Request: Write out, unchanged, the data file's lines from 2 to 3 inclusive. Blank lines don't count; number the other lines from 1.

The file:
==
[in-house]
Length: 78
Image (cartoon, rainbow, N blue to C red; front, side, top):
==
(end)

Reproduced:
Length: 78
Image (cartoon, rainbow, N blue to C red; front, side, top):